This was not a pretty game for the Caps and it was a bit surprising given that they didn’t really show up for Friday’s tilt against Minnesota, a 3-1 loss that hopefully doesn’t prove costly in the Metropolitan Division race. Philly was a desperate squad on Sunday, they’re on their last gasp in 2018-19, and really came at Washington taking a 60-25 shot attempt advantage through 40 minutes. Somehow, though, the Caps built a 2-0 lead on a sweet first period deflection goal by Tom Wilson, his 22nd of the year, and another tip in tally by Travis Boyd after Andre Burakovsky created offensive zone havoc on the Flyers with some outstanding forechecking.

That 2-0 lead, however, was short lived because this Capitals team has a tendency to lose focus at key junctures. They did so again with four minutes left in period two. Washington, instead of getting pucks deep, made a careless offensive zone turnover that led to a Flyers jailbreak.  T.J. Oshie hustled back, but he took a holding penalty to prevent a two on one rush. The Caps had been good on the PK to that point going two for two, but Cap Killer Jakub Voracek would score on the power play with Holtby out of position due to an errant clear by his defensemen in front of the net.

The Flyers would nearly tie the game on numerous occasions after that, but in this one, if Holtby could see it, then he was stopping it. Finally in period three, the Capitals started carrying the play and at the 8:07 mark Jakub Vrana notched his 22nd goal of the season on a breakaway after Brett Connolly made two fantastic plays in his own zone to get the puck to #13. V went five hole on Brian Elliott and from there on out, Washington dominated possession and easily could’ve won by more except for some big stops from Elliott.

This victory was huge because the New York Islanders won again on Sunday evening to remain just one point behind the Capitals in the Metropolitan Division with just six games to go. The Penguins, who defeated the Stars on Saturday night and have a cake walk on Monday evening against the rebuilding Rangers, are just three points in the rear.

The Caps, who lost Michal Kempny indefinitely to what looks to be a serious knee injury against the Bolts in a 5-4 overtime loss on Wednesday night, did some experimenting with defensive pairs and forward lines in this contest. It probably had more to do with the Flyers carrying the play and the fact that there is word that several Capitals are battling illnesses. Whatever the case, Washington was disjointed for much of the first two periods.

Burakovksy was one of the guys who certainly didn’t appear to have anything wrong because he was all over the ice. Andre logged 10:50 and was +1. He probably should’ve played more, but with the Caps in penalty trouble in the middle frame, the forward rotation became messed up.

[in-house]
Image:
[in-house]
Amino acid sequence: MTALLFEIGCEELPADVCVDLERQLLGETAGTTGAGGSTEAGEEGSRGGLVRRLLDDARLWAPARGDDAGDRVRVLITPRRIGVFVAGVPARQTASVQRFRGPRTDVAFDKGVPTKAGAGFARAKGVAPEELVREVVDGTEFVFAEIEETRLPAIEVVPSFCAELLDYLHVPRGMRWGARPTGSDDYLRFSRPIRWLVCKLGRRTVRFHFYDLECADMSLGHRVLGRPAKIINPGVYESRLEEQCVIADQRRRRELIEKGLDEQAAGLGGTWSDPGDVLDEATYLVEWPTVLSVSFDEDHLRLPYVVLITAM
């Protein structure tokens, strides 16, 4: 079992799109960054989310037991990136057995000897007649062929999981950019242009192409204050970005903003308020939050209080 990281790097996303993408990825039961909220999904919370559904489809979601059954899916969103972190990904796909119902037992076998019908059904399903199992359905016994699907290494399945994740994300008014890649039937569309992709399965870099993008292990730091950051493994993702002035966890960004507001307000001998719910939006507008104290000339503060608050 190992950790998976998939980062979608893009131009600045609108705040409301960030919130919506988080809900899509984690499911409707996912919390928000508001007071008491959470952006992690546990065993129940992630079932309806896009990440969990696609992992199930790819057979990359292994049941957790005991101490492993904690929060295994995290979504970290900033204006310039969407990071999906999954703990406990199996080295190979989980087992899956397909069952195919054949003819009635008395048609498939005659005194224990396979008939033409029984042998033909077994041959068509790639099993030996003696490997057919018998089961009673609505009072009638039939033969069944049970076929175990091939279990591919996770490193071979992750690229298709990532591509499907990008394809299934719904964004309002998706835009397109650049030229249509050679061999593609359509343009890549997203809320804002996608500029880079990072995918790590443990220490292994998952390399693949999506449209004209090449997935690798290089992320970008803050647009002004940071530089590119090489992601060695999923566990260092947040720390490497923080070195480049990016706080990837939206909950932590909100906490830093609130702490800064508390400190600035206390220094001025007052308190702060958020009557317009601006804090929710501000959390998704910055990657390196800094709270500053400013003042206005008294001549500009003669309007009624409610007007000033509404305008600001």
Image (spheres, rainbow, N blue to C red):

Vrana was strong, as well, and he nearly scored his 23rd of the campaign after deking Elliott badly, but struck iron on the backhand after a gorgeous move. Jakub only had 9:19 of ice time and again, should’ve played more, but likely didn’t due to penalty troubles.

Nick Jensen was Washington’s best defensemen on Sunday. He blocked five shots, logged 20:45, added an assist, and was +2. He made several quality plays, including a great rebound clear in period three when the game was still in doubt.

Wilson rebounded from his worst outing of the season on Friday to continue to live in the heads of the Flyers, who will head to the golf course this spring knowing that they were SWEPT in 2018-19 by the defending Stanley Cup Champions. Philadelphia played some super hockey after mid-Janaury, but they had no answer for Holtby and the Capitals, who owned them on the scoreboard for the first time in the regular season for as far as I can remember.

The Flyers though, deserve credit for their effort, especially since they played on Saturday in a loss to the Islanders, which pretty much meant they had to run the table to have any prayer of making the postseason. The Caps, on the play of their goaltender, ended any chance of that happening.

Coach Todd Reirden’s team found a way to win when they really didn’t have it for much of this contest. Of particular concern is a power play that went 0 for 2 on Sunday and was a big fat donut hole on Friday night, too. Washington’s man advantage unit has been too perimeter based and very predictable lately. It’s time for the coaches to add some new wrinkles, and more importantly, generate additional net presence and traffic. The goalies in this league are very good, so if they see the shot, they’ll normally stop it.